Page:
"My grandma said to me, you get on that bus and go over to that school. You tell that teacher that she needs to put an X everywhere on the paperwork that I need to sign and send it home. I will sign it and send it back to school tomorrow."
That's when Huntley realized her first day of first grade would not be the kind of Kodak moment many experience.
She had no hand to hold as she arrived at the school, hoping she was in the right place as she searched for her homeroom while other anxious children held tightly to their parents.
"My hands were sweating, and I was nervous."
She looked on the wall and scanned the lists of classrooms until she found the one she was looking for: "First grade." Huntley ran her little finger down the page until she finally found her name listed under the teacher who helped change the trajectory of her life: "Pam Jones."
As other moms and dads ushered their children into Ms. Jones' classroom and said their goodbyes, Huntley sat anxious and alone on the first row.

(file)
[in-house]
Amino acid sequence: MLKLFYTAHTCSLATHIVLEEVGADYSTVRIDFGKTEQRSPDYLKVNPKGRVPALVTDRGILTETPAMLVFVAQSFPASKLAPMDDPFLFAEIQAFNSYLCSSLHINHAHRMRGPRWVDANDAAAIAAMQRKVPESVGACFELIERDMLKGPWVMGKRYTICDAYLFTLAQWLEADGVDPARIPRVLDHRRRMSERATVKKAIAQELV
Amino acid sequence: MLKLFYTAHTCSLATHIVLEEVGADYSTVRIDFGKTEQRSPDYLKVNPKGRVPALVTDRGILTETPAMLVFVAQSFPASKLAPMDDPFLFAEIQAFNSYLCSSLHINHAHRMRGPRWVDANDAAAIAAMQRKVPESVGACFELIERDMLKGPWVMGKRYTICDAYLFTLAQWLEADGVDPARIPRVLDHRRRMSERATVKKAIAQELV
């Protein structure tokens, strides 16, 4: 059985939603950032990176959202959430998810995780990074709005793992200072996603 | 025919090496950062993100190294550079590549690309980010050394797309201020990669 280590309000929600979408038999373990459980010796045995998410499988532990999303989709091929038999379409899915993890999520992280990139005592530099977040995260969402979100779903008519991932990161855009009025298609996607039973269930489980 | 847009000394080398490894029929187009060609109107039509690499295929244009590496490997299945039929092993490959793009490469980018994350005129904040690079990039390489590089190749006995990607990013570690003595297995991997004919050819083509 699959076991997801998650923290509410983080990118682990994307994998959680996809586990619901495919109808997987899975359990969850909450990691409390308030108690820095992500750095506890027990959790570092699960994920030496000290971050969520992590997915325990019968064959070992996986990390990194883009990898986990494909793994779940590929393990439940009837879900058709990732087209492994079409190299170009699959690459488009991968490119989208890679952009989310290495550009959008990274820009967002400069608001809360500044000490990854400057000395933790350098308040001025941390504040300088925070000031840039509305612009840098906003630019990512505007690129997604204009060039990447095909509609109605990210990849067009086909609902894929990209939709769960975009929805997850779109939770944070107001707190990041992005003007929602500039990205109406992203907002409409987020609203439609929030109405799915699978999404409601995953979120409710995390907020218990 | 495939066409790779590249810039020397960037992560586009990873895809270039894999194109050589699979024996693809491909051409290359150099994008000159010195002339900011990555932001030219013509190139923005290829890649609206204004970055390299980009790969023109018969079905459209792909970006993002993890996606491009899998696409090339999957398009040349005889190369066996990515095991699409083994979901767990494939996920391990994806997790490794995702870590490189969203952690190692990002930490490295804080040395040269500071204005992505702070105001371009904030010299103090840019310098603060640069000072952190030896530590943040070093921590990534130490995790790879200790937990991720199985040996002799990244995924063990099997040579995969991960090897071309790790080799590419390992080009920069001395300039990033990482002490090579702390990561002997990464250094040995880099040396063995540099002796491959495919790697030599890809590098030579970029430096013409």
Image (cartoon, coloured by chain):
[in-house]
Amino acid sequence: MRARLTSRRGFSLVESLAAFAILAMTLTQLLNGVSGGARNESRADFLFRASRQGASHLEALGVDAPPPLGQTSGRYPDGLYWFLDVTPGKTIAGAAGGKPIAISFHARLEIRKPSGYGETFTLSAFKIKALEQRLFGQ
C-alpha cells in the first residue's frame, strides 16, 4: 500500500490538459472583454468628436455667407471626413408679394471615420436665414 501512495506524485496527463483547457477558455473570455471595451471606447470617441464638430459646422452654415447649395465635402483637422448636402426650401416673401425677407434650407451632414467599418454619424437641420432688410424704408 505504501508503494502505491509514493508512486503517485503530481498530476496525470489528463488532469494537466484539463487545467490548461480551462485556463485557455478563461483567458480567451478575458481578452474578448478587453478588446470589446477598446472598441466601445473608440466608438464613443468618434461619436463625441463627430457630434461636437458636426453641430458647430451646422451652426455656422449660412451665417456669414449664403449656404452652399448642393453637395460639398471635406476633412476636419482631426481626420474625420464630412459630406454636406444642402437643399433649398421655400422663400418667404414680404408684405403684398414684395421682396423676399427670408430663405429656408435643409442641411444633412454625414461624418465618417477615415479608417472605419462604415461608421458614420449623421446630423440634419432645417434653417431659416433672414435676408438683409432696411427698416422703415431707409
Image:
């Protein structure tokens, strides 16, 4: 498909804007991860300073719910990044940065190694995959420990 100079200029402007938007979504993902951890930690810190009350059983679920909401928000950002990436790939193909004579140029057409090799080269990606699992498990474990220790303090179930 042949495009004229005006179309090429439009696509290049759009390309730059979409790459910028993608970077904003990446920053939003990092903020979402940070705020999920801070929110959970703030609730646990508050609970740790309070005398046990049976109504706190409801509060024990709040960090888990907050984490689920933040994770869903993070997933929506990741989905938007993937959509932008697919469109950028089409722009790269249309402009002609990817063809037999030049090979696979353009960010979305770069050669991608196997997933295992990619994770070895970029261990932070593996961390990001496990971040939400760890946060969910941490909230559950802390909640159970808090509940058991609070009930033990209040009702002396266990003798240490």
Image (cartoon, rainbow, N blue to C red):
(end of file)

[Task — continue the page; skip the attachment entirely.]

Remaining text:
Then Mrs. Pam Jones beamed as she approached her nervous new student.
"Hello young lady," she said in a pleasant voice. "What is your name?"
"I panicked," Huntley told the Schmid scholars. "Without thinking, I just blurted out my name and all the instructions from my grandma that I'd been rehearsing on the bus. 'My name is Elizabeth Humphrey and my grandma told me to tell you to put an X everywhere she needs to sign, and I will bring it back tomorrow. I said all that without taking a breath."
Huntley recalls how Mrs. Jones, "who looked just like Wonder Woman," flashed a knowing smile and offered as much encouragement in one sentence as the young student had heard all her life.
"Never forget how fortunate
you are to have teachers
- Liz Huntley
"She said, 'Elizabeth Humphrey, you are going to be the brightest student I ever had.' She was my Wonder Woman."